By JAMES BROWN
I’m here to make a bold prediction. Lamar Jackson will be a great quarterback in the National Football League. Here is the caveat. That prediction will hold true as long as he’s not drafted by the Cleveland Browns.
I wouldn’t blame the Browns for drafting Jackson No. 1 overall, but there along the snow drifts of Lake Erie, Jackson would be pummeled by a bomb cyclone of opposing defenses. The problems the Browns have a greater than the greatest quarterback. If they had Tom Brady, they would not have him for long because he would be in traction.
In that arrangement, Jackson would suffer the same fate as that of so many former Browns’ QBs. Louisville Cardinals fans should not be heartbroken if their favorite player is not the No. 1 overall pick. Actually, they should rejoice. They should rejoice if he’s taken anywhere after No. 15, because that means he’s going to a team that will not ask him to be its immediate savior.
Let’s back up a bit.
Look at the NFL this season. It would appear that a team needs a great quarterback to have a chance to win. That is true, but peer a little closer and you will see that the Los Angeles Rams, the Kansas City Chiefs, the Minnesota Vikings, the Jacksonville Jaguars have each made the playoffs this season with play callers who are not future hall of famers. Some of them are good enough, but they are also replaceable. (To win in the playoffs, a team does not a good QB, and usually a great one.)
Jackson will not be a great quarterback his rookie season, he may not even be better than Blake Bortles, but he has more upside than most of the guys who have taken snaps this season in the NFL. I mean, he will be better than Bortles and potentially 20 other quarterbacks. While some pro pundits compare him to Cam Newton, I much prefer a comparison to Michael Vick. I would even say, if anyone asked Jackson who he modeled his game after, it might be Vick. His throwing motion is similar and he is similar in size and athleticism. (The throwing motion isn’t a favorable thing, but Jackson is further along as a passer than Vick was coming out of college.)
I believe, barring an unfortunate injury, Jackson will be a good professional quarterback. Of course, his future might largely hinge on for which franchise he plays in the NFL. If he goes to the Browns, his career will be over before it begins.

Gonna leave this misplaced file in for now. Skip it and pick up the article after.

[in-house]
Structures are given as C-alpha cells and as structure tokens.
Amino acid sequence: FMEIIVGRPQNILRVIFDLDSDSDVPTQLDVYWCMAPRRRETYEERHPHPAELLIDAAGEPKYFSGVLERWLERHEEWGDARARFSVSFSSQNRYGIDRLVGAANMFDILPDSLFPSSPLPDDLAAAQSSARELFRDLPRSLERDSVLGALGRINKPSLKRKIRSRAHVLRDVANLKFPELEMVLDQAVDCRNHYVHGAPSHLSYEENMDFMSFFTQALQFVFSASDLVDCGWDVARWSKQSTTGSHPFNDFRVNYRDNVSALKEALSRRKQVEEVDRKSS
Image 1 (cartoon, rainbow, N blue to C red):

So, where can he go and flourish?
Recent mock drafts by several experts have Jackson projected anywhere from the No. 4 quarterback taken in the first round to not being drafted in the first round. One draft projection has Jackson going to the Pittsburgh Steelers at No. 29. That would be good. He wouldn’t be thrust immediately into the role of franchise savior. He could spend a season growing his skills behind future hall of fame quarterback Ben Roethlisberger. Then when Big Ben retires or is traded away, Jackson could step right in and keep the Steel Curtain stable.
Going to Pittsburgh would seem to be a great fit for the next Greatest Show on Turf.
Another team that would allow Jackson to blossom would be the Kansas City Chiefs. They already run an offense he could slide right into. They now do it with Alex Smith, who is no Lamar Jackson when it comes to shear athletic talent. And as we saw Saturday, using Smith in the system really limits the offense. Imagine, if you will, paring Jackson and running back Kareem Hunt.
The problem right off is that the Chiefs do not have a first round pick. They used this year’s pick to trade up last year to take quarterback Patrick Mahomes No. 10 overall. That means KC doesn’t need a quarterback, presumably. I’m here to write that Mahomes is no Jackson. If they find a way to get Lamar, the Chiefs should, but they probably won’t. Furthermore, there is no guarantee that present coach Andy Reid will be coach come draft day after Kansas City blew an 18-point halftime lead at home against Tennessee on Saturday and was bounced from the playoffs, 22-21. There is lots of finger pointing at Arrowhead Stadium today.
All in all, I think Lamar Jackson will be a good NFL quarterback if he lands in the right situation. But isn’t that potentially true for many players in this year’s draft class?
James Brown is Digital Director for Commonwealth Broadcasting. He spent 20 years covering sports in Kentucky and Mississippi. Follow him on Twitter @JbrownESPNKY.